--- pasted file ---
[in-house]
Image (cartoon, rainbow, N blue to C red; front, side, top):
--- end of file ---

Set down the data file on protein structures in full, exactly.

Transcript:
[in-house]
Image (cartoon, rainbow, N blue to C red; front, side, top):